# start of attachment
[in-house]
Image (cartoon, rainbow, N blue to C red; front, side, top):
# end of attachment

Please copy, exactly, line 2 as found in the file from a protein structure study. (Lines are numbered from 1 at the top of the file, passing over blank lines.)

Image (cartoon, rainbow, N blue to C red; front, side, top):